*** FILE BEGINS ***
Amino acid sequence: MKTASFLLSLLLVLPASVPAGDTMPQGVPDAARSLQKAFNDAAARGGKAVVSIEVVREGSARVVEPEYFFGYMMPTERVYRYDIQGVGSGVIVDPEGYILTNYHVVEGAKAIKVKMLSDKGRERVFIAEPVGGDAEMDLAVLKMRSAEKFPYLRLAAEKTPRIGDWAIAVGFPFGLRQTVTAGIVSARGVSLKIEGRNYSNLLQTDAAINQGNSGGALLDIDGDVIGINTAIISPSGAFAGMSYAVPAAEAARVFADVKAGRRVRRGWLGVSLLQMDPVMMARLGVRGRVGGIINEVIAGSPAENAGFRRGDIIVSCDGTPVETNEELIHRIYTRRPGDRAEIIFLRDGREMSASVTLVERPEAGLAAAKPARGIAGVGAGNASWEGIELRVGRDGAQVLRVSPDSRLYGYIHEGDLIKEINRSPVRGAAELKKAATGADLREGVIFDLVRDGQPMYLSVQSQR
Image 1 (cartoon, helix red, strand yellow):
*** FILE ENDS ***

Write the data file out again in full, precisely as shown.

Amino acid sequence: MKTASFLLSLLLVLPASVPAGDTMPQGVPDAARSLQKAFNDAAARGGKAVVSIEVVREGSARVVEPEYFFGYMMPTERVYRYDIQGVGSGVIVDPEGYILTNYHVVEGAKAIKVKMLSDKGRERVFIAEPVGGDAEMDLAVLKMRSAEKFPYLRLAAEKTPRIGDWAIAVGFPFGLRQTVTAGIVSARGVSLKIEGRNYSNLLQTDAAINQGNSGGALLDIDGDVIGINTAIISPSGAFAGMSYAVPAAEAARVFADVKAGRRVRRGWLGVSLLQMDPVMMARLGVRGRVGGIINEVIAGSPAENAGFRRGDIIVSCDGTPVETNEELIHRIYTRRPGDRAEIIFLRDGREMSASVTLVERPEAGLAAAKPARGIAGVGAGNASWEGIELRVGRDGAQVLRVSPDSRLYGYIHEGDLIKEINRSPVRGAAELKKAATGADLREGVIFDLVRDGQPMYLSVQSQR
Image 1 (cartoon, helix red, strand yellow):